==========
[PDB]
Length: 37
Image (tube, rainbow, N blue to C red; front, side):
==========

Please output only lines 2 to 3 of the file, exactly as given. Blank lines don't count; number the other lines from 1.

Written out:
Length: 37
Image (tube, rainbow, N blue to C red; front, side):